Both are in Dagenham, Essex. Of his latest project, The Broxbourne School in Hertfordshire, he says Piper Hales has installed more than 12,000sq m of flooring including Heuga carpet tiles and a wide range of Tarkett vinyls.
When asked about the market for newbuild and education, Rob says: ‘There’s a lot of work out there, but the problem is lockdown put a stop to a lot of projects. And both Covid-19 and Brexit have caused a general shortage of, and greater demand for, labour.’
He notes, that while his company is fine, compatriots are often asking if he has anyone spare – he lays part of the blame for this on a lack of youth entering the sector.
It shouldn’t be a surprise to anyone that Rob intensely dislikes being a shop window for others to misuse. To expand on that, he says: ‘One of my biggest frustrations is being used as a pricing exercise. We all understand the importance of repeat business. But it’s not right when you’re asked to price work, then used for samples and advising on value engineering exercises, with no intention of ever standing a chance of winning the work despite the price or service given.’
For him, this is an unfettered waste of his time.
As for Brexit affecting Piper Hales’ business, Rob has started to see the effects of the UK’s departure from Europe with prices rising. Worse, most of his suppliers are suggesting further rises this year in material costs. He says, however: ‘As a company we try to plan ahead as we have secured work, so we’ve been ordering in material far earlier than we have in the past. This has worked extremely well throughout last year and has avoided delays with bought-in goods.’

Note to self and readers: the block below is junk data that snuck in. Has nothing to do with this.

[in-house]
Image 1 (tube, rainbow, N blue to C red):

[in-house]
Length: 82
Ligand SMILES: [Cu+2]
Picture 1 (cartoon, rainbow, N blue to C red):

Even so, he’s finding clients are looking to hold prices and Rob says: ‘it’s just not feasible… especially when a job was priced before lockdown, and we’re being asked to hold the price for 2022’.
Notably, he adds that the company ‘has just come out of our busiest six weeks… where no questions were asked about price.’ But, he adds, that’s not always the case.
And then there’s the not insignificant matter of Covid-19. Here Rob says that like most, the pandemic has affected the business.
‘Work in care homes slowed right down with only emergency works being carried out, and work in housing communal areas proved difficult during lockdown too. We were fortunate that site work was able to continue, so we did have some work throughout.’
He says the company has adapted with far more work being carried out from home. ‘This has been made easier with the team I have, with my staff all mucking in and doing all they can to help and make things as easy as possible.’
Turning to the state of the flooring trade, Rob says it’s come on a long way. He points to courses that are available – such as FloorSkills, Fita and various day courses – that are of value to new and experienced installers looking to educate themselves. In his opinion, this can only be seen as a good thing for ‘as a company we want to keep standards high’.
Like many in the trade, Rob has many stories he can tell. Taking his work in the prisons, he says: ‘As I’m sure you can imagine, I found it strange to work nights in a prison when you hear the front gates lock at Holloway or Pentonville and then know you couldn’t leave until the cells opened the following morning.’
As a youngster he says he’d always pray the cell door system didn’t malfunction during the night and that he’d find an inmate joining him.
Referring to his work for the Queen’s birthday parade, he says he always enjoyed taking part. ‘It was always an early start at Horse Guards Parade installing the red carpet. The area was always buzzing early on with many VIPs arriving and the police doing their final checks. While all of this was happening, we were trying to keep the area clean – that was always somewhat challenging, especially when trying to keep the police dogs off my red carpet.’
It’s very hard to predict the future, but let’s hope England wins the World Cup soon and that Piper Hales makes another 50-odd years in business.